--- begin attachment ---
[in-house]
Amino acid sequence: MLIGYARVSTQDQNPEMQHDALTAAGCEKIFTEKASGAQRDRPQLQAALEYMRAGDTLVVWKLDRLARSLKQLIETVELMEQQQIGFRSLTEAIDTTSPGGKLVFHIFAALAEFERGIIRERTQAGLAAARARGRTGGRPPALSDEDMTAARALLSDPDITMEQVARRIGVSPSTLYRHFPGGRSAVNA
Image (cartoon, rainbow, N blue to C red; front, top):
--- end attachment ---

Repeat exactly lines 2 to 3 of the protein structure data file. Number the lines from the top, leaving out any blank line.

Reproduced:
Amino acid sequence: MLIGYARVSTQDQNPEMQHDALTAAGCEKIFTEKASGAQRDRPQLQAALEYMRAGDTLVVWKLDRLARSLKQLIETVELMEQQQIGFRSLTEAIDTTSPGGKLVFHIFAALAEFERGIIRERTQAGLAAARARGRTGGRPPALSDEDMTAARALLSDPDITMEQVARRIGVSPSTLYRHFPGGRSAVNA
Image (cartoon, rainbow, N blue to C red; front, top):